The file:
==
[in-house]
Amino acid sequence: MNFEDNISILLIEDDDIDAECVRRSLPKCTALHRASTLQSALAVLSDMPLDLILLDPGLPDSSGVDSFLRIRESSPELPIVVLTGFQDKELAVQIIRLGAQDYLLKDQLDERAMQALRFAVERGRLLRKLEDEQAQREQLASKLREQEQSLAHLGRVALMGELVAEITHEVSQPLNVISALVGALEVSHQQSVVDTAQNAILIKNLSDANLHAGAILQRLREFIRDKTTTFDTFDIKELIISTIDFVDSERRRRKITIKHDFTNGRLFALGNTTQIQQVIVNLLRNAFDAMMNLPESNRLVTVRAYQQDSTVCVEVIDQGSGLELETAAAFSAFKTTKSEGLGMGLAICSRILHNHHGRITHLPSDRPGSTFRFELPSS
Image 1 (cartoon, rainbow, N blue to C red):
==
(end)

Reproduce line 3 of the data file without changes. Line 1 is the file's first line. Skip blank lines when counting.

Image 1 (cartoon, rainbow, N blue to C red):